The New Conquest History and the New Philology in Colonial Mesoamerica
- LAST REVIEWED: 05 May 2017
- LAST MODIFIED: 28 May 2013
- DOI: 10.1093/obo/9780199766581-0113
- LAST REVIEWED: 05 May 2017
- LAST MODIFIED: 28 May 2013
- DOI: 10.1093/obo/9780199766581-0113
The New Philology and the New Conquest History are labels commonly used to describe two interrelated developments in the study of Colonial Latin America (primarily colonial Mesoamerica). Both have been driven primarily by historians, but with important contributions made by anthropologists, art historians, and geographers. The New Philology (NP) originated in the late 1970s and the 1980s with groundbreaking studies of early colonial Central Mexico based on the reading of alphabetic sources in Nahuatl, primarily mundane, notarial, archival documents. It then evolved to include all of Mesoamerica, and to a far lesser extent the Andes (not covered here), but it remains rooted in the analysis of primary archival sources—typically mundane and notarial—written in indigenous languages. The New Conquest History (NCH) emerged in the 1990s, partially, but by no means entirely, out of the New Philology. One way to think of the two developments is as the overlapping circles of a Venn diagram, although there is not a consensus among specialists regarding which studies would go inside which circle. Broadly speaking, the NCH and NP have a common emphasis on Mesoamerica and indigenous Mesoamericans, but the NCH is focused more specifically on the 16th century, as opposed to the colonial period. The NCH has tended to be less focused on Central Mexico, more often including other regions of Mesoamerica. Like the NP, the NCH gives indigenous-language sources particular attention, but the NCH tendency has been to stress newly found sources or the re interpretation of familiar ones—be they written in Spanish or a native tongue, or a nontextual visual source—in order to reveal multiple protagonists in, and perspectives on, contact phenomena and conquest moments. This bibliography is limited to items in English; the reader should be aware that there is an important parallel literature in other languages, most obviously Spanish.
This section privileges the historiographical perspectives of James Lockhart and his former students. Terraciano and Sousa 2011 is a historiographical essay that is an effective and detailed complement to this Oxford Bibliographies article. Restall 2003a covers in detail, up to that year, the New Philology; Lockhart, the historian who arguably founded that school, is represented here in the form of two collections of essays that serve in various ways as historiographical reference points (Lockhart 1991 and Lockhart 1999), and in an online collection of essays (Lockhart, et al. 2007). Restall 2012 is a short essay, with bibliography, that seeks to make a case for the New Conquest History as an incipient school of scholarship, while Restall 2003b is an earlier effort to illustrate NCH perspectives in the context of the Spanish conquests throughout the Americas; Restall and Fernandez-Armesto 2011 is a slightly different approach to the topic.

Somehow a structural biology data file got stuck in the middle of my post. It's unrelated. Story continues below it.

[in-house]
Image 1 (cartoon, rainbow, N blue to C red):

Lockhart, James. Nahuas and Spaniards: Postconquest Central Mexican History and Philology. Stanford, CA: Stanford University Press, 1991.
This collection of essays complements Lockhart’s monograph The Nahuas after the Conquest (Lockhart 1992, cited under Monographs on Central Mexico) and focuses on central Mexico; it serves to introduce many of the themes of colonial Mexican historiography through the 1980s.
Lockhart, James. Of Things of the Indies: Essays Old and New in Early Latin American History. Stanford, CA: Stanford University Press, 1999.
This second collection has a broader scope but complements Lockhart 1991 and is of some relevance to early colonial Mexico.
Lockhart, James, Lisa Sousa, and Stephanie Wood, eds. Sources and Methods for the Study of Postconquest Mesoamerican Ethnohistory. Eugene: Wired Humanities Project, University of Oregon, 2007.
An online collection of essays by two dozen scholars describing and discussing a wide variety of primary sources and topics relating to colonial Mesoamerican history, with a particular emphasis on indigenous-language materials.
Restall, Matthew. “A History of the New Philology and the New Philology in History.” Latin American Research Review 38.1 (2003a): 113–134.
A historiographical essay defining this school of scholarship up to 2002, discussing the contributing studies, and suggesting where it might go in the future.
Restall, Matthew. Seven Myths of the Spanish Conquest. New York: Oxford University Press, 2003b.
This short, accessible volume aims to articulate many of the ideas that are explored in works of the New Conquest History, attempting to redefine the conquest of the Americas by addressing “common misconceptions” about the invasions and their consequences.
Restall, Matthew. “The New Conquest History.” History Compass 10 (2012): 151–160.
A brief historiographical essay that suggests how the NCH might be defined and where it might be headed.
Restall, Matthew, and Felipe Fernandez-Armesto. The Conquistadors: A Very Short Introduction. Very Short Introductions 301. Oxford: Oxford University Press, 2011.
Similar in interpretation to Restall’s Seven Myths of the Spanish Conquest (Restall 2003b), this accessible volume is briefer, updated, contains new material, and features the input of veteran world historian Fernández-Armesto.
Terraciano, Kevin, and Lisa Sousa. “The Historiography of New Spain.” In The Oxford Handbook of Latin American History. Edited by José C. Moya, 25–64. New York: Oxford University Press, 2011.
A useful and up-to-date summary of how the study of New Spain has developed, presented as a readable essay and covering the whole colonial period. This essay helps the reader to see how the NCH and NP fit into the larger historiography of the region.
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